This Sunday the European Commission launches for the 17th time EUROPEANMOBILITYWEEK, its flagship campaign that runs from 16 – 22 September annually with the aim to improve quality of life by promoting clean mobility and sustainable urban transport. Over 2,400 towns and cities from 50 countries will hold events to mark this year’s celebration, giving people the opportunity to explore the role of mobility in their daily lives and to experiment with clean transport modes. MOBILITY WEEK culminates in the trademark car-free day.
EU Transport Commissioner Violeta Bulc has declared 2018 the ‘Year of Multimodality’, which has defined the theme of this year’s EUROPEANMOBILITYWEEK: “Mix and Move!”. It encourages people to see how their daily travel needs can be met more efficiently, more cost-effectively, and more enjoyably by mixing transport modes.
Commissioner Bulc said: “With this year's edition of the EUROPEANMOBILITYWEEK, we want to encourage everyone to consider different mobility options and select the most appropriate ones for each trip. By mixing the ways we move, we can save time, improve our health, and lower our transport costs. This week is also an opportunity for cities to accelerate this social shift by making sure the right services and infrastructure are in place.”
Karmenu Vella, EU Commissioner for Environment, Maritime Affairs and Fisheries, said: “Mixing and moving means supporting a transition to a more human transport system. It means promoting cleaner, more fuel-efficient modes, and more human-powered travel. It’s a great way of keeping the focus at the local level and helping European towns and cities to improve the environmental performance of their transport system. It means cleaner air, quieter cities, and healthier citizens – what’s not to like?”
Local authorities that make significant efforts to promote sustainable urban mobility during the campaign can apply for the EUROPEANMOBILITYWEEK Awards until 23 October 2018. Local authorities can also apply by 1 October 2018 for the SUMP Award, which recognises local and regional authorities for excellence in sustainable urban mobility planning.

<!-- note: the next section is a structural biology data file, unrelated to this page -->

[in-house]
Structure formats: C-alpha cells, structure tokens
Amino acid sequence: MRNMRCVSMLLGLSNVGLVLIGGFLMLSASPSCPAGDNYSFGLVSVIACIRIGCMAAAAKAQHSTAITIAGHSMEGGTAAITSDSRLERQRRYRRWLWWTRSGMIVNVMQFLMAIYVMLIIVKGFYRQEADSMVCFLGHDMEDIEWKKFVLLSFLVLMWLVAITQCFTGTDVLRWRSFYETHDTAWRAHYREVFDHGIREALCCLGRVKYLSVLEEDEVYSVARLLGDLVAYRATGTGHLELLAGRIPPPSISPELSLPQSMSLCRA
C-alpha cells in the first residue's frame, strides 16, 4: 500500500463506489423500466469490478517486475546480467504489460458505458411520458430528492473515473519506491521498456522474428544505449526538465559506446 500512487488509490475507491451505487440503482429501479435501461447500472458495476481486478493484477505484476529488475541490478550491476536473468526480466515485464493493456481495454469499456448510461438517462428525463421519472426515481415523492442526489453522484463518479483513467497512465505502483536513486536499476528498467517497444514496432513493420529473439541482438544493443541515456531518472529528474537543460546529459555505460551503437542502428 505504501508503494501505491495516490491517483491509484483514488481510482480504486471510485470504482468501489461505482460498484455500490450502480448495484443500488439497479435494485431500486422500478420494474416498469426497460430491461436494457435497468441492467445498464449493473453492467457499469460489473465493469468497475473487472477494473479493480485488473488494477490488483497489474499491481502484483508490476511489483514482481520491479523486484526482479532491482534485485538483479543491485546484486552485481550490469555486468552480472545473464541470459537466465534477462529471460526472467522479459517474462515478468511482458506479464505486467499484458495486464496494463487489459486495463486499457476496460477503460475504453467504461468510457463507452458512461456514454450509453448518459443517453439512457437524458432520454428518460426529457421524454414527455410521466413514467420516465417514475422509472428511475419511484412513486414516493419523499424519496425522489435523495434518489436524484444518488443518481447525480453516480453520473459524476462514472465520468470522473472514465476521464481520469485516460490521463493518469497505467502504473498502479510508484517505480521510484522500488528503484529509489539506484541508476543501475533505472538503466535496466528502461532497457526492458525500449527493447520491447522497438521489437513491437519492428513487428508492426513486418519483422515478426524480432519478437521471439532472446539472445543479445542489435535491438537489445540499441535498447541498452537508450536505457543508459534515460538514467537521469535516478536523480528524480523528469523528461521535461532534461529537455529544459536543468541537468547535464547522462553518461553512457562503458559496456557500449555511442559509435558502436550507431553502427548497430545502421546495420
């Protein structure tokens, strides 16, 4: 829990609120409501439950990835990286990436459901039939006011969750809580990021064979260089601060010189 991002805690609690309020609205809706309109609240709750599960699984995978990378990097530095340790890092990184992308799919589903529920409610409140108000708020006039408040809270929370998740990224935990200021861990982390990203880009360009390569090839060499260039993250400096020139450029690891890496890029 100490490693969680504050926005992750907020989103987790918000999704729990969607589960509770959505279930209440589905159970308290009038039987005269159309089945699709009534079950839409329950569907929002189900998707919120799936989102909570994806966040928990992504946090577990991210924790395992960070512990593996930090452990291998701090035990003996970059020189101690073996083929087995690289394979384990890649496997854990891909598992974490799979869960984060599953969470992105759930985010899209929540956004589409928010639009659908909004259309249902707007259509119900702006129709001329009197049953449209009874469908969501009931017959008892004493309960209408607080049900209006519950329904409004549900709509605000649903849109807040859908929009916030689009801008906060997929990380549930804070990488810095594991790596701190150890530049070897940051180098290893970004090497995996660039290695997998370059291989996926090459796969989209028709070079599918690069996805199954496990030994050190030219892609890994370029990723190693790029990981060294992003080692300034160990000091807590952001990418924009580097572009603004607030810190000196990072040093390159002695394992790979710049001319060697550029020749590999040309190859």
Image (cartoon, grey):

On 19 September the 2018 EUROPEANMOBILITYWEEK will also include the third edition of the European day without a road death, which aims at raising awareness on road safety.
EUROPEANMOBILITYWEEK focuses on a different aspect of sustainable urban mobility each year. Local governments across Europe stimulate multimodality by improving transport connections and making clean and active mobility modes more attractive. In Esch sur Alzette (Luxembourg), the local authorities have installed signposts for pedestrians that indicate distances in walking time, enabling people to assess their preferences for driving, taking public transport or simply walking for a few minutes. Budapest (Hungary) and Vienna (Austria) rank amongst the cities that have embraced the concept of Mobility as a Service (MaaS), which is defined as the “integration of various forms of transport services into a single mobility service accessible on demand”. The Centre for Budapest Transport (BKK) has launched the FUTÁR Journey Planner which provides door-to-door itineraries. This app provides information on all public transport under BKK’s authority, including the metro, tram, bus, trolleybus, urban train and ferry, as well as on best options for the last mile of the journey, whether by foot, bicycle or shared bike. Vienna’s MaaS platform ‘WienMobil’ provides real-time information about door-to-door journeys and routing, and enables users to buy tickets directly from the app. When it comes to moving goods, the concept of consolidation is at the core of multimodal freight solutions. Madrid (Spain) recently refurbished a municipal market located at the gateway to the city and turned it into an Urban Consolidation Centre. From here, several private operators deliver goods using fully-electric vans. The concept of an ‘eco package hub’, which consists of a container placed in a central location from which staff deliver packages on foot or by electric vehicle, was tested by the delivery company UPS in Hamburg (Germany) and is now in place in various European cities including Basel (Switzerland) and Dublin (Ireland). As a result, each city has benefited from lower freight emissions and reduced the number of heavy vehicles in the city centre.
For more information
To learn more about how the European Commission supports towns and cities and promotes sustainable urban mobility, take a look at "Europe on the Move", the Commission's agenda for safe, clean and connected mobility, the urban mobility package, and the additional information on Commission support:
- Publication date
- 14 September 2018
- Directorate-General for Mobility and Transport